Different Types of Water Heaters and Their Benefits No matter what kind of water heater you have, there’s no denying that it plays an important…
Pros and Cons of Tankless Water Heaters
Having a tankless water heater in your home can be an excellent choice compared to a traditional tank water heater, especially if you live in an area that experiences extreme temperatures during different times of the year.
However, there are some pros and cons that should be considered before you decide to purchase and install one. This article will cover the pros and cons of tankless water heaters to help you determine whether they’re right for your home or not.
What is a Tankless Water Heater?
A tankless water heater may be an option if you’re looking for a green way to heat water. While it has several benefits, these units can also have their drawbacks. If you’re trying to decide whether a tankless water heater is right for your home, consider both pros and cons.
Pros of Having a Tankless Water Heater
The benefit of having a tankless water heater is you don’t have to refill it. This can save you money and time because you don’t have to refill it frequently. The tank-type water heaters not only take a lot of your money but also need much more time to fill with water when they run out. So, installing an on-demand or tankless water heater with a low-flow rate will be your perfect choice.
Besides, a tankless water heater does its job quietly without generating noise like a boiler does. So if you install a gas-fueled power unit for it, there won’t be any dust coming from your running device either. Moreover, if there are leaking problems from old piping systems in your house, tankless water heaters can quickly repair them too by getting rid of all sediment and minerals in pipes that are hard to clean up manually.
Cons of Having a Tankless Water Heater
What are some disadvantages of having a tankless water heater? It’s probably not surprising to hear that there are some challenges associated with switching from a standard storage-tank water heater to a tankless water heater. And while these downsides shouldn’t deter you from making your switch, it’s worth learning about them before deciding on which type of tankless heater is best for you.
For example, here are a few potential challenges. People have certain expectations. They think that hot water will immediately be available when they turn on their faucet; if so, how hot will it be? That’s all common sense when you have a traditional storage-tank water heater in place. You see what’s happening in real time—water entering at a specific temperature and getting hotter as more cold enters—and people can anticipate accordingly.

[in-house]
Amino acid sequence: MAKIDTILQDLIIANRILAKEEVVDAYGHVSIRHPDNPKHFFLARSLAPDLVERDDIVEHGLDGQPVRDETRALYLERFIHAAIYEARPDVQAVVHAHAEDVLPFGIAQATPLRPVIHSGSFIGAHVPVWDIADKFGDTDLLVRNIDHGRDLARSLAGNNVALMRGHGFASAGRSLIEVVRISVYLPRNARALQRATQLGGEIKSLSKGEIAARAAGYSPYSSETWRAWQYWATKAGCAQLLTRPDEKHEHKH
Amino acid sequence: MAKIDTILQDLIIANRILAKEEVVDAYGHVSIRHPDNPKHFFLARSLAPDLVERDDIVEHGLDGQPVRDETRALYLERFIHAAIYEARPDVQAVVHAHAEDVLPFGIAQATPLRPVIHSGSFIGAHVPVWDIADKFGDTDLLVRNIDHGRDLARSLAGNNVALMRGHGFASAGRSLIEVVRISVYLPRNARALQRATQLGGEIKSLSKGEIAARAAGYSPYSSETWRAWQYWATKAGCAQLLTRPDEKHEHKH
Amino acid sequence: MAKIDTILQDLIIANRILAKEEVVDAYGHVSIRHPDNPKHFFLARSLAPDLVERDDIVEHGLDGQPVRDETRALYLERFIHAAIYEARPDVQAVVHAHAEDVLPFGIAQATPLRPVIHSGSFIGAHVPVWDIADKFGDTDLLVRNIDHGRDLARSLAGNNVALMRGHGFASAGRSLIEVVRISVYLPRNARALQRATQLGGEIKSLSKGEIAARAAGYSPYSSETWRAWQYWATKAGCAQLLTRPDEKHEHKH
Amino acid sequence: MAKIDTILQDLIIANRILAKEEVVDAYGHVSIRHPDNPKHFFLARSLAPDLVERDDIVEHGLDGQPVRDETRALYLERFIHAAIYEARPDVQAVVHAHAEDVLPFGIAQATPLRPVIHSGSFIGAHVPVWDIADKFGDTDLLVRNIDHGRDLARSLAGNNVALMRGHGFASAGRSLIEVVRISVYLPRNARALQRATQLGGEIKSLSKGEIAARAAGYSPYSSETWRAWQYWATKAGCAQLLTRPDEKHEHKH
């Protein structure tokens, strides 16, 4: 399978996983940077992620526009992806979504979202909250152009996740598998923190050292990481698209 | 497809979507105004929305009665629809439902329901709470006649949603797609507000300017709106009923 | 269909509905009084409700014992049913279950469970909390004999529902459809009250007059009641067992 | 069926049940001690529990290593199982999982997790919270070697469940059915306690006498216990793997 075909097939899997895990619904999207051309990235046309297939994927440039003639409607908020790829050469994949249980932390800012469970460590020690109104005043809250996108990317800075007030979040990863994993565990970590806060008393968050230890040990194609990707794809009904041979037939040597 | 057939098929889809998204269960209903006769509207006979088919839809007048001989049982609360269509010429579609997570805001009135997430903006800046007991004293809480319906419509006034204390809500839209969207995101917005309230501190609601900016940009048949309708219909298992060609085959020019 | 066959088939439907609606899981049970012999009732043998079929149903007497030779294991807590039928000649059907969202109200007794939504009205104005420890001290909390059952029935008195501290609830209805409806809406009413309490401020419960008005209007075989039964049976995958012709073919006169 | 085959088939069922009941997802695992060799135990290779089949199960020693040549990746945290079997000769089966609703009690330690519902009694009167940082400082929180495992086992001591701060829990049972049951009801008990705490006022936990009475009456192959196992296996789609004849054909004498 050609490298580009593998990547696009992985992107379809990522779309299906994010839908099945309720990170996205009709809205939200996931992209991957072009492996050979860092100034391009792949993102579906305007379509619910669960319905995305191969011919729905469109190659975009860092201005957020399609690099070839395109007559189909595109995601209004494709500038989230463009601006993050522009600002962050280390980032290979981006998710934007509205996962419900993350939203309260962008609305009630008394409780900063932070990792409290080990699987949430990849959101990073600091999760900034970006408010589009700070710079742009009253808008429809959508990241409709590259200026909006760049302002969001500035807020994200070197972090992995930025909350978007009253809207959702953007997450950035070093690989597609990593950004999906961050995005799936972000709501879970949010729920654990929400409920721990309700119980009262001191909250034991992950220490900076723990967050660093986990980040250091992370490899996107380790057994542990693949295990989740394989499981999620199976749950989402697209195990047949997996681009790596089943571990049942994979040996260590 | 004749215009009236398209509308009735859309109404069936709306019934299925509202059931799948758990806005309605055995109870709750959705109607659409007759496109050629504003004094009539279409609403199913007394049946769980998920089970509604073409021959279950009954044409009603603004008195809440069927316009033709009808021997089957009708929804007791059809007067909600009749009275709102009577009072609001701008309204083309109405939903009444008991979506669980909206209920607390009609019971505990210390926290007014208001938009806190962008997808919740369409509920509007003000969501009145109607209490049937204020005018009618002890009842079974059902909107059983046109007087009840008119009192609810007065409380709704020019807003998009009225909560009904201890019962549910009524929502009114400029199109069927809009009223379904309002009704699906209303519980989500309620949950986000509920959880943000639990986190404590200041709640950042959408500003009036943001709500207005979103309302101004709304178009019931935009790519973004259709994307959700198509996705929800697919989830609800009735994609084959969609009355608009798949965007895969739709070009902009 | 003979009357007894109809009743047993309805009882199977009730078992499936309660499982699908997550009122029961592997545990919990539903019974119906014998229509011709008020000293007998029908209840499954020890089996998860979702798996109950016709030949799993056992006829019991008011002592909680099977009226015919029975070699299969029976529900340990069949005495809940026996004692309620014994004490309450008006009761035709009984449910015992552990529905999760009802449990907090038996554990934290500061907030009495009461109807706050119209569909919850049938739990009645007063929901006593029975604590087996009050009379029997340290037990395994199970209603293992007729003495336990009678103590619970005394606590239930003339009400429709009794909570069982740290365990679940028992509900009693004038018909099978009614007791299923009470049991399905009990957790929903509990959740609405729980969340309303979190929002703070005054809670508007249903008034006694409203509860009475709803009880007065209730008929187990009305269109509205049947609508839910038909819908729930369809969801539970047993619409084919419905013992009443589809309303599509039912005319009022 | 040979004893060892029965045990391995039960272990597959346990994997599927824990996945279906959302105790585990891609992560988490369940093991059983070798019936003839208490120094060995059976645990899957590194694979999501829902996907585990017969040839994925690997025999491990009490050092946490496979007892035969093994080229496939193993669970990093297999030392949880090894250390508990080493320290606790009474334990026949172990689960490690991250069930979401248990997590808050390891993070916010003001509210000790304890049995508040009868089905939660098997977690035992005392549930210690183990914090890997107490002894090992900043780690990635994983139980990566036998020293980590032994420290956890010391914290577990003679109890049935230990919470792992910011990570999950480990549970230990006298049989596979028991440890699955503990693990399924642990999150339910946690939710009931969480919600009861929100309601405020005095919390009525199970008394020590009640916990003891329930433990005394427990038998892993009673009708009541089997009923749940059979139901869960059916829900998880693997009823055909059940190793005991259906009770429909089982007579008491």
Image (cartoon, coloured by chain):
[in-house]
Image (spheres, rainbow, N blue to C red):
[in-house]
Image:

When you install a tankless system, things change. The temperature can fluctuate significantly depending on whether or not someone uses hot water or has recently used it. There may also be periods when no hot water is available until sufficient demand is made (something called lulling). This could leave you flustered and disappointed upon trying to wash dishes or take a shower only to discover that the hot water isn’t working yet.
Comparison Between the Traditional Tank Water Heaters and the Tankless Ones
The traditional water heaters come with a water tank which is supposed to store hot water so that you can use it at any time. However, these tanks have to wait for a long period before they heat up and release hot water, especially when many people are using hot water at once. If you live in an area where there are lots of houses around yours, then waiting may become longer because more people would need hot water than usual.
When to use Tankless Water Heaters?
When you’re remodeling, installing a tankless water heater can easily boost your home’s energy efficiency. Because they have no tank, they use only as much energy as is needed at any given time. They also don’t hold up to a full water tank like standard heaters do, meaning less energy is wasted on keeping a full tank hot at all times.
That said, if you’re looking for short-term savings, it might not make sense financially; tankless water heaters may cost more than traditional models and some utility companies give fewer incentives for using them because they waste less energy overall.
Tips on Picking the Best Tankless Water Heater
When shopping for a tankless water heater, there are a few things to consider. If you’re shopping online, know what state you live in. Since each state has different requirements on how far away from your home your tankless water heater must be located, it’s important to check before making a purchase. Also, even though they’re smaller than standard models, do make sure you have enough space in your garage or outside to install one.
Get in contact with the Water Heater Professionals at Bulldog Rooter today to learn more about which Water Heater Type is best for you!